Art, Cosmology and the Divine | Part III

Art, Cosmology and the Divine | Part III

Main photo (above) is a Basohli illustration to the Bhagavad Purana, Krishna Bringing the Parijata from Indra’s Heaven,  Tira-Sujanpur, c.1780

Continuing this six-part series (Read Part I and Part II) in which distinguished scientist, academic and Vedic scholar Subhash Kak shows how traditional Indian art is not only aesthetically sublime, but is a reflection of the cosmos and of the Divine itself. In Part III we see how ancient Hindu temples were designed to reflect the cosmos. The representation of the cosmos simultaneously at the level of the universe and the individual, was meant to facilitate the devotee’s spiritual transformation.

Part III: Temples and Gods

The temple is considered in the image of the Cosmic Purusha, on whose body is displayed all creation in its materiality and movement. Paradoxically, the space of the Purusha (Rigveda 10.90) is in the sanctuary only ten fingers wide, although he pervades the earth.

The outer cosmos is expressed in terms of various connections between the temple structure and the motions of the sun, the moon, and the planets; the inner cosmos is represented in terms of the divinity (universal consciousness) in the womb of the temple and various levels of the superstructure that correspond to the states of consciousness. The position of the gods in the Vastupurusha-mandala within the temple is a symbolic representation of the spatial projections of the cosmic Purusha in his body. There are other iconic representations of sacred space, as in the Sri Yantra where the body’s three parts – vagbhava, madhya, and mula – have recursive structures within, that represent Vedic cosmology in a unique fashion.

The prototype of the temple is the Agnikshetra, the sacred ground on which the Vedic altars are built. The Agnikshetra is an oblong or trapezoidal area on which the fire altars are built. During the ritual is installed a golden disc (rukma) with 21 knobs or hangings representing the sun with a golden image of the purusha on it. The detailed ritual includes components that would now be termed Shaivite, Vaishnava, or Shakta. In Nachiketa Agni, 21 bricks of gold are placed one top of the other in a form of shivalinga. The disk of the rukma, which is placed in the navel of the altar on a lotus leaf is in correspondence to the lotus emanating from Vishnu’s navel which holds the universe. Several bricks are named after goddesses, such as the seven krittikas.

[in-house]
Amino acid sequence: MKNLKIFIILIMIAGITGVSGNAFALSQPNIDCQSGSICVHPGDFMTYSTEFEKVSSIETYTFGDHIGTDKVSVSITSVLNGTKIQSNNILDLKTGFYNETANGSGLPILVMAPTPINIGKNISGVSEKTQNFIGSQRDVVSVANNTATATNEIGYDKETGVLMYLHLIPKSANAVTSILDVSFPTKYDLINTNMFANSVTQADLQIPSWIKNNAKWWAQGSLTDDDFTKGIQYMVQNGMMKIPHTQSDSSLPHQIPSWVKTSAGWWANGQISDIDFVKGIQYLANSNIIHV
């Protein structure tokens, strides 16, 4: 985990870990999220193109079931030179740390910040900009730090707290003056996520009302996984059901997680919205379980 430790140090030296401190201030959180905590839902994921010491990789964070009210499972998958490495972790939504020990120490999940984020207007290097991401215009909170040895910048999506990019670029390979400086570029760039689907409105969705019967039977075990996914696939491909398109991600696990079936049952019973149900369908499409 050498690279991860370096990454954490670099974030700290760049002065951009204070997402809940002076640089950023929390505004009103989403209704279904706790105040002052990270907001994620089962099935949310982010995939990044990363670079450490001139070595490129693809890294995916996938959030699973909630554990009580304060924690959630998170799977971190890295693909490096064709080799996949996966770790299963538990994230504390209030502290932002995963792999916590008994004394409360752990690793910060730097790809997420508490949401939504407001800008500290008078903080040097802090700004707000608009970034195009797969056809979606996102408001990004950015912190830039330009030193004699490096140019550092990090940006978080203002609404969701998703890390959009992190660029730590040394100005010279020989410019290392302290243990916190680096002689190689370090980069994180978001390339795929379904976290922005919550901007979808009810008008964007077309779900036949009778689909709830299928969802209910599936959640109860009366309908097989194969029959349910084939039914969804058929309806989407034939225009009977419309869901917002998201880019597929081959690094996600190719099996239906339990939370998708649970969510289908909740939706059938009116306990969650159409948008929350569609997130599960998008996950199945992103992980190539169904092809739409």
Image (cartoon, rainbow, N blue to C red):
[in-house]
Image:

Ganesha: elephant-headed, wise with mouse as his vehicle

The Hindu temple represents the Meru mountain, the navel of the earth. It is the representation of the cosmos both at the level of the universe and the individual, making it possible for the devotee to get inspired to achieve his own spiritual transformation. The purusha placed within the brick structure of the altar represents the consciousness principle within the individual. It is like the relic within the stupa. The threshold to the inner sanctum is represented by the figure of Ganesha (see right), who, like other divinities, symbolizes the transcendence of oppositions.

The temple construction begins with the Vastupurusha mandala, which is a yantra, mostly divided into 64 (8 × 8) or 81 (9 × 9) squares, which are the seats of 45 divinities. Brahma is at the centre, around him 12 squares represent the Adityas, and in the outer circle are 28 squares that represent the nakshatras. This mandala with its border is the place where the motions of the sun and the moon and the planets are reconciled. It is the Vastu in which the decrepit, old Chyavana of the Rigveda 1.116.10 asks his sons to put him down so that he would become young again. Chyavana is the moon and Sukanya, whom he desires, is the sun.

In the basic Vedic scheme the circle represents the earth and the square represents the heavens or the deity. But the altar or the temple, as a representation of the dynamism of the universe, requires a breaking of the symmetry of the square. As seen clearly in the agnichayana and other altar constructions, this is done in a variety of ways. Although the main altar might be square or its derivative, the overall sacred area is taken to be a departure from this shape. In particular, the temples to the goddess are drawn on a rectangular plan. In Shiva or Vishnu temples, which are square, change is represented by a play of diagonal lines. These diagonals are essentially kinetic and are therefore representative of movement and stress. They embody the time-factor in a composition.